Record: 7-9 (3rd in AFC South)
2019 Offensive Points-Per-Game: 22.6 (16th)
2019 Total Defense-adjusted Value Over Average: -5.0% (16th)
Average is the word best used to describe the Indianapolis Colts’ performance in 2019. That can be viewed by some as a victory considering the club’s cornerstone quarterback Andrew Luck retired just weeks before the start of the season. Jacoby Brissett was also, just average, in his effort to replace Luck. He started in 15 games, and while he only threw six interceptions, he had a pedestrian 18 passing touchdowns which was accompanied by an uninspiring 6.6 yards per attempt. Marlon Mack’s year-end numbers – 1,091 rushing yards on 4.4 yards per carry – were nice, but his production was sporadic as he only topped 80 rushing yards five times. He was a non-factor in the passing game, snagging just 14 balls in 14 games. No Colts wide receiver surpassed 50 receptions and T.Y. Hilton had the worst statistical season of his career while appearing in a career-low 10 games. Rookie wide receiver Parris Campbell battled through injuries and largely unimpressed when he was on the field.
- DT, DeForest Buckner
- QB, Philip Rivers
- CB, Xavier Rhodes
- RB, Jonathan Taylor
- WR, Michael Pittman Jr.
- DE, Marcus Hunt
- CB, Pierre Desir
- QB, Brian Hoyer
- CB, Quincy Wilson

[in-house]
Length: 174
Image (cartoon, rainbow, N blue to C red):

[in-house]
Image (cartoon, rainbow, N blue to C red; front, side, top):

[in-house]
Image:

4 major storylines for 2020
How will the Colts’ backfield shake out?
Entering the NFL Draft, I had Jonathan Taylor ranked as the No. 1 running back prospect. His arrival is bad news for Mack and Nyheim Hines. Taylor is unquestionably the most talented running back from this group and brings with him the most pedigree. He rushed for 6,174 yards in three years at the University of Wisconsin, and demonstrated last season with his 26 receptions that he can also catch the ball out of the backfield. Mack is unproven as a pass catcher and Hines profiles as more of a receiving threat than anything else. Although head coach Frank Reich has been talking up Mack and Hines, I expect by the midway point to see Taylor being deployed as the lead back. With that in mind, I like Taylor at his current ADP of 32.40 in NFFC leagues.
What can Philip Rivers bring to Indianapolis?
Despite entering the late stages of his NFL career, Rivers has refused to become a caretaker of the football like we’ve seen with other veteran gunslingers like Tom Brady and Drew Brees. He averaged 8.6 intended air yards per throw last season, a mark that tied him with Patrick Mahomes. He also had 12 completions of 40 yards or more, tying him with Aaron Rodgers for fourth in the league. The trade off, however, is that Rivers posted his highest interception percentage since taking over as starter of the Chargers franchise.
Rivers himself isn’t really on the fantasy radar in single-QB leagues. He’s currently being selected as QB23 in NFFC leagues which means he’s likely waiver wire fodder in your league. He will have a positive impact, however, on the receiving options. His 7.8 yards per attempt from 2019 are a much higher mark than what Brissett posted (6.6). Rivers will stretch the field more and that’s a welcomed addition for Hilton, Campbell and Pittman Jr.